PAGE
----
Samuda took Pouncey's place at center during drills when Pouncey was at right guard, while Incognito lined up on both sides with the first-team offensive line. Remember that Incognito went to the Pro Bowl last season as a left guard.
"We're moving guys and trying to get the best mix," offensive coordinator Mike Sherman said. "The key to that whole position is to stay healthy in my mind and try to play with the same guys from day one to game 16 and beyond. We're trying different combinations. The extra week gives us an opportunity to be a little more creative in that way."
All the movement in the middle of the offensive line has come about as the result of injuries.
John Jerry, who started at right guard last season and came back this summer looking more fit than ever, hasn't practiced since Wednesday because of an undisclosed injury.
Then there's veteran free agent pick-up Lance Louis, who was expected to challenge for a starting job but hasn't taken part in team drills yet as he continues to work his way back to 100 percent after sustaining a torn ACL last November.
The Dolphins on Sunday used their different middle combinations on the first offensive line: from left to right, Incognito-Samuda-Pouncey; rookie Dallas Thomas-Pouncey-Incognito; and Samuda-Pouncey-Incognito.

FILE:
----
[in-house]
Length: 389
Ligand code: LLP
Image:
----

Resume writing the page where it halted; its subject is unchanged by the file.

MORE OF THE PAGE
Pouncey was a second-team AP All-America selection at guard as a junior at the University of Florida in 2009 before he moved to center as a senior after his twin brother Maurkice left early for the NFL.
"It felt weird (to practice at guard), but it's whatever the team needs right now because we're short guys and so they want to see guys work out at different spots," Pouncey said. "Just getting back in that stance and anticipating the snap count was the biggest adjustment because usually I'm the first one off the ball. But I was an All-American at guard, so it'll be easy."
Samuda and Incognito also are no strangers to moving around.
Incognito started at right guard for the St. Louis Rams and Buffalo Bills before joining the Dolphins as a free agent in 2010, while Samuda started at both guard spots and backed up at center during his college career at the University of Massachusetts.
"You always want to get around, just switch spots, help the team out," said Samuda, who appeared in all 16 games in 2012 after making the team as an undrafted rookie free agent. "That's all you're trying to do. Whatever helps the team, that's what I'm here for. If I can start, if I'm the backup, I'm good with it."
Martin, a second-year player from Stanford, is preparing for his first full season at left tackle. He started the first 12 games at right tackle as a rookie in 2012 before moving over to the left side for the last four games in place of the injured Jake Long, who then left in the offseason as a free agent. Clabo was signed in the offseason after being released by Atlanta.
"I think they're doing well," Coach Joe Philbin said. "I think Jonathan's transition is going well. And Tyson Clabo is intelligent, is efficient, he's been in the league long enough he knows what works for him and what doesn't."